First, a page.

A coach’s patience will most likely be tested teaching the basics of catching fly balls, but always remember this is quite normal as the skills required to locate, judge, move to and catch a flying object is quite complicated.

The K.I.S.S method (keep it simple stupid) is by far the best method for teaching this skill. Throw slightly higher than line drive fly balls, underhanded to the players.

1. Teach them to move to Where the ball is thrown, intentionally not moving very far if any.

2. They must get Under the ball, fight the urge to explain anything complicated about how to judge where to position themselves, just “get under the ball.”

3. Have them hold their hands in the Air, shoulder high or slightly over the head, glove slightly ahead of their bare throwing hand.

4. Watch the Ball into the glove, then cover the ball with the Bare Hand.

 Learning to Throw a Baseball:

Youngsters normally have a head start on this skill from throwing rocks or whatever with or at their brother, which can be good, or can be bad. In either event you must teach them the proper method of throwing a baseball, which again is taught in steps, then combined into one fluid motion.

1. Teach them to hold the Ball with the thumb under the ball, with two to three fingers wrapped over the top, which although their hands may still be too small, will give them a head start to learning a 4 seam grip which will be very important as they mature. Never too early to teach for the future.

Youth Baseball Coaching - Standard Tee

2. Have them face their target, keep eyes on target, with their legs slightly apart and balanced.

3. Have them raise their glove hand and point it towards the target.

4. Next, have them extend the throwing arm straight backwards.

5. At this Point … the player should be facing sideways, their glove arm pointed to the target, while the throwing hand is pointing straight backwards, resembling a scare crow.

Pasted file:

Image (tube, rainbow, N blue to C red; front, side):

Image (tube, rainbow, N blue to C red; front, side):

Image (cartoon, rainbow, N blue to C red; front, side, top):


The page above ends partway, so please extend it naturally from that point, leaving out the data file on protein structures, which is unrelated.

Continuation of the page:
6. Teach them to push off the back foot, shifting your weight forward, while bringing the back foot even with the lead foot as you throw.

7. As the arm comes forward, release the ball with the throwing arm pointing towards the target.

 Catching the Thrown Ball:

Fear of catching a throw ball is usually not as pronounced as fear of a pitched ball, but it does exist and getting smacked in the mouth with a ball definitely won’t do anything to alleviate the fear, so just like everything else, proceed slow and easy. Toss the ball underhand, much like you did in the fly ball catching drill, except the ball should not have a large arc to it.

Youth Baseball Coaching - Running Bases

1. Have the player face you, shoulders square.

2. Have them bend their knees slightly, no stiff legged stances. 

3. Teach them to watch the ball leave your hand all the way into their glove.

4. Teach them to position their hands together, glove adjacent to the bare hand, thumb touching leather, facing out on a ball located above the waist and cover the ball as soon as it enters the glove.

5. In contrast, hands together facing down on a Ball below the waist, then cover. You may question teaching 2 skills at once, but the player must be able to adjust his hands to accommodate the height of the throw.

Base Running: First Base

In my opinion it’s senseless to even consider teaching running techniques to a 5 or 6 year old. There are only 3 rules to teach when running to first base.

1.  Do Not watch ball, only look straight at the Base.

2. Run straight to the base, touch it, (Don’t Jump on it or slow down) and run past the base. 

3. Always listen to the Coach’s instructions.

I’ve thrown a lot at you to teach, but your players will be well on their way to becoming good solid baseball players upon learning these skills. Remember:

1. Patience

2. Repetition